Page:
The authorization rate, also known as auth rate, is the percentage of total transactions that successfully process as an approval. 

    Authorization rate matters because the primary goal is always for consumers to have a successful transaction on the first try without needing to use a fallback payment method. Likewise, higher auth rates will improve a company’s bottom line: a recent study found that 30% of shoppers will leave if they have to re-enter their payment details.

    While transactions can fail for uncontrollable reasons and your authorization rate is unlikely to hit 100%, tracking this percentage over time may help you diagnose processing issues and resolve them quickly.

    Transaction Failure Rates, Disputes, and Fraud Metrics

    Chargebacks, hard and soft declines, disputes, and fraudulent transactions all hurt the bottom line of organizations. And while some of these failures may be unavoidable, understanding the details and potential reasons is important for effective risk management. 

    In a recent study by PYMNTS, 67% of the top-performing subscription businesses kept track of failed payments, and those same top-performing organizations were nearly 12 times more likely to focus on a payment recovery strategy than underperforming organizations. What this means for all merchants is that being diligent in catching failed payments and building in a recovery strategy - like multi-processor payment routing - can have a significant impact on a company’s bottom line. 

    If you’re noticing an uptick in disputes, take a deeper look into why this could be occurring. There is a potential that a third party may have been compromised, or something nefarious is occurring. Take a cross-sectional look by payment method, type, issuing brand, and any other pertinent data points to see if anything stands out. You want to get to the root cause of situations like this quickly, and keeping an eye on the trends may be the quickest way to find and combat this.

    Website Analytics

    For any organization with a virtual checkout, understanding basic analytics of the checkout process will help you better understand and optimize for more successful purchases. Keep an eye on data points that include:

    • Drop-off rates - for multi-step checkout flows, taking a look at the drop-off by stage to see if the steps could be simplified or reduced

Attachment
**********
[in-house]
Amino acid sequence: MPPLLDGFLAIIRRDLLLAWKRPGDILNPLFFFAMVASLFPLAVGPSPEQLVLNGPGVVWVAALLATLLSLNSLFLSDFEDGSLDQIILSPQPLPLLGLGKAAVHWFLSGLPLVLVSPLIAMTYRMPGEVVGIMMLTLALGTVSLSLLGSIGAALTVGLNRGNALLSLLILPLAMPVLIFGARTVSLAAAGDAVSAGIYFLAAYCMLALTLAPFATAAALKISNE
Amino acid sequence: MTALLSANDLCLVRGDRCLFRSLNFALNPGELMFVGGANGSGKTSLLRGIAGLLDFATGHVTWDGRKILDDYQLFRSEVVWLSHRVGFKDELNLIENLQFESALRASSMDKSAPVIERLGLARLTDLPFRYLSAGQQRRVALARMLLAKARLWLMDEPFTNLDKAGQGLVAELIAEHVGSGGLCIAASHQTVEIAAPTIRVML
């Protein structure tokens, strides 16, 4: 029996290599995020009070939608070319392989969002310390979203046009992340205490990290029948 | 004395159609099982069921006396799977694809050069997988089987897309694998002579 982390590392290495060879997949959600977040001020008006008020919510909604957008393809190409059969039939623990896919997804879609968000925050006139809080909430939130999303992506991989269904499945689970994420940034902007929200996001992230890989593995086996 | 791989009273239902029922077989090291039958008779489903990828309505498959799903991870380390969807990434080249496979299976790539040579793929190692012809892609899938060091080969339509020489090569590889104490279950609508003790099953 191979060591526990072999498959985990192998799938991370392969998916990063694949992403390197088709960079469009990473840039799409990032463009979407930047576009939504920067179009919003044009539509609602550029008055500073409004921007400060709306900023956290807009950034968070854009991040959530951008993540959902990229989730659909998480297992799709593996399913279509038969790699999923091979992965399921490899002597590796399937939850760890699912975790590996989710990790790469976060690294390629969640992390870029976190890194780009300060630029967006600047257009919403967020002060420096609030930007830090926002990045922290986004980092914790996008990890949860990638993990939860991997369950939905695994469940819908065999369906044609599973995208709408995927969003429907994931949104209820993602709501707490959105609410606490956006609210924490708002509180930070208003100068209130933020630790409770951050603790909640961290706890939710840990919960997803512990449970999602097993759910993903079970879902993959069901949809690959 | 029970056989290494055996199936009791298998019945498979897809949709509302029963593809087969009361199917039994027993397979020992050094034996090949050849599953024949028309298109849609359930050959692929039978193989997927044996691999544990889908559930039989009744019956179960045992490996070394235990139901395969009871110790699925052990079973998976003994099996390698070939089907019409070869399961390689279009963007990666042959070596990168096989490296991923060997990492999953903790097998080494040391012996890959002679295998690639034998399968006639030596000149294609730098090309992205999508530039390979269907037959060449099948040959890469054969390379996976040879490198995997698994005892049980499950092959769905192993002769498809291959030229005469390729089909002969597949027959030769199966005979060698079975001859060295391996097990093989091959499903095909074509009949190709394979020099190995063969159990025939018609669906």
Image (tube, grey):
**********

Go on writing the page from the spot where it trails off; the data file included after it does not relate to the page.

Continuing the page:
• Conversion rates - track the percentage of visitors to those who convert (make a purchase) to see if you’re driving the right traffic to the website, and if the products meet the needs of the consumers
    • Repeat purchasers - what percentage of shoppers are repeat purchasers and how can you increase this through additional efforts?
    • Time to purchase - how long does it take for a customer to purchase after first discovering your brand, and are there ways you could speed that timeline up?

    Using Data to Improve Performance

    As you dive deeper into your payments data, you will start to find trends, issues, and growth opportunities you wouldn’t have discovered with only a cursory look. Make it a habit to track your organization’s important payment metrics - not just once, but regularly - so that you’re not caught off guard if issues arise. 

    As you find growth opportunities in the data, lean into them. Allow your deep understanding of payments data to guide expansion opportunities into new markets, payment methods, and product lines.

    A good first step in improving payments performance is to take ownership over your payments data. If you are reliant on your payment provider to maintain your customer payment information then you will need to create a PCI-compliant cardholder data environment (CDE). You can build this CDE in-house by taking on the risk, training, and complexity of PCI compliance, or you can work with a trusted third party like Basis Theory where you can spin up your own PCI-compliant environment in 10 minutes.